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If two classes both need to know about each other to do their job, i.e. class A must maintain a reference to class B and class B must maintain a reference to class A, is this generally a sign that inheritance would be a better idea than composition, provided you aren't violating the Liskov Substitution principle? My thinking is that this is the case because, if A and B both need to know about each other, they're already pretty tightly coupled and the coupling may be due to essential complexity of the problem you're trying to solve. Inheritance is the most straightforward, convenient way to express such coupling.

Also, I've started to notice that two classes mutually maintaining references to each other and knowing about each other seems to always result in messiness very quickly. Is this a well-accepted smell? If so, what are some ways of refactoring it besides just using inheritance instead of composition?

Edit: A good example of when this comes into play is template method vs. strategy. If your strategy classes require intimate knowledge of the base class, then you could use inheritance and template method instead, or you could simply have a strategy class that knows about the base class.

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What do you mean by references? If an object of class A needs to have a pointer to an object of class B and vice versa, this isn't necessarily bad, as long as they don't get too chummy. If you're talking about & references, yes, that does smell bad. –  David Thornley Jan 15 '10 at 22:08
@David Thornley: This was supposed to be a language-agnostic question and your comment only applies to C++. I was thinking more in terms of non-C++ languages (the one this problem actually came from was D), where such a distinction does not apply. –  dsimcha Jan 15 '10 at 22:15

4 Answers 4

up vote 8 down vote accepted

It's not necessarily a sign that inheritance is the best idea; do they have the appropriate relationship?

Is A a kind of B? If not, inheritance is just moving the problem elsewhere.

Misko writes that if A needs B and B needs A, then there's a hidden, shared object C that needs to be split into its own class.

I realise this is slightly abstract, but so is the problem.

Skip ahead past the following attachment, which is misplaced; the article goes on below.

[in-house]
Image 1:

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The "Is a" test is not always a very good criteria. See Uncle Bob's example of a square being a rectangle, but a square class inheriting from a rectangle class would be a disaster. –  Patrick Karcher Jan 15 '10 at 21:29
Definitely a fair point. There are always going to be exceptions, but I find the "is A a B?" question works very well for most things. Like you said, we should always think about it :) –  Mark Simpson Jan 15 '10 at 21:36
Great Link, too! –  xtofl Jan 15 '10 at 21:47
Just curious, how (if at all) does this apply to parent/child entity relationships? –  G-Wiz Jan 16 '10 at 0:06
+1: excellent link –  D.Shawley Jan 16 '10 at 3:26

Your instincts are correct. It is a bad smell. You should analyze it, worry about it a little, and maybe even put up a question on Stackoverflow (ah, already taken care of). But it can be good design to have classes maintain references to each other behind the scenes without sharing a formal relationship.

Inheritance is only appropriate if class B is truly what class A is and more. Or, if they share a common core of likeness (and reason to change), than they should perhaps both inherit from a common base. And if is only a contract with the outside world that they share, then implement a common interface. etc. But maybe none of these are appropriate, and that's okay. You might need to tweak the referencing of course. Maybe they should both reference a common obejct that references both of them, etc.